When it comes to advice on how to get her kids to eat, mother of three Jessica Legault has heard it all. “I know you’re supposed to be calm about meals and just put the food out and let them take what they want,” she says. “But when it’s day five of doing that and your toddler still hasn’t eaten anything, you start to freak out.”
Kids who won’t eat—or won’t eat much—cause many parents to worry, says Michael Dickinson, chief of paediatrics at Miramichi Regional Hospital, but it’s certainly normal.
“Babies [must] triple their weight in their first year, making frequent feedings essential,” says Molly Roberts, a registered dietitian in Guelph, Ont. “But the average toddler only gains about four or five pounds between his first and second birthday, so his appetite will inevitably drop.” Or it could be a behaviourial issue, says Dickinson. “It may also have something to do with the child being at a stage when they are asserting their independence.”
OK, but what about Legault’s toddler who hasn’t eaten for five days? Even that doesn’t worry Dickinson. “If the child is otherwise well—no fever, sore throat, vomiting—you don’t need to be concerned and can almost always simply wait them out.”
As long as your toddler is gaining weight normally (and remember, “normal” is much slower than it was in the first year) and meeting developmental milestones, you can be reassured that everything is fine. If your little one is not gaining or is actually losing weight, then Dickinson suggests checking things out with your doctor.
Despite experts’ reassurances, a hunger-striking toddler is still very frustrating and worrying for parents. “I rarely—maybe never—get to the end of the day and feel like all my children are well-fed,” says Legault. “And isn’t that a primary responsibility of a parent?”
Dickinson gets that. “Parents often feel like they’re not doing a good job if their toddlers don’t eat,” he says. “But your job is to provide healthy choices. Their job is to decide how much to eat. If they don’t eat, it’s on them, not you.”
You can’t force a child to eat, he points out. And because the drive for independence may be a factor in mealtime resistance, putting pressure on her may encourage her to refuse even more.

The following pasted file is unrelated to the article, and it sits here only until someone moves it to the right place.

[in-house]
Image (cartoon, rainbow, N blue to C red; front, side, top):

Here are his suggestions to help motivate reluctant eaters:
1. Be a good role model
Try to sit down and eat meals with them.
2. Create some structure
“Toddlers can become grazers, eating nothing but low-nutrient snack foods,” Dickinson says. Having breakfast, lunch, dinner and snacks at more or less the same time each day can help.
3. Watch for too much liquid
“Saving milk or juice for mealtimes and bedtimes is helpful, so that kids aren’t walking around all day carrying their bottles or sippy cups,” says Dickinson.
4. Don’t oversell the meal
Piling on the drama—“Oh, this is sooo yummy”—might make the picky eater suspicious and more resistant.
5. Involve kids in food prep
Offer your toddler a choice of ingredients to toss in the blender for her morning smoothie, for example, or let her use a cookie cutter to create fun sandwich shapes.
6. Avoid negotiating
Pass on the “just eat three peas” power struggle. “You’re going to lose this one,” says Dickinson. Making mealtimes stressful won’t increase your kid’s appetite. “You can give them a little nudge, but if they don’t respond, it’s better to back off.”
And go easy on yourself as well. “Parents shouldn’t think they’re doing something wrong,” says Dickinson. “This is more about the child’s development and temperament than parenting. If you keep offering, Mother Nature will ensure he or she takes in enough calories to promote normal growth.”
Eat Right Ontario (eatrightontario.ca) recommends serving foods from at least two food groups as snacks for toddlers. This can also be a way to encourage eating: by pairing a favourite food (say peanut butter) with another your kid is less crazy about (say whole-grain crackers) you may get her to eat both. Try apples and cheese, hummus and steamed vegetables, or banana slices with a little almond butter.